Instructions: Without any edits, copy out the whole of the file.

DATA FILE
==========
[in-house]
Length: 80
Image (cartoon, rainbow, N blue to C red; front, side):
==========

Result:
[in-house]
Length: 80
Image (cartoon, rainbow, N blue to C red; front, side):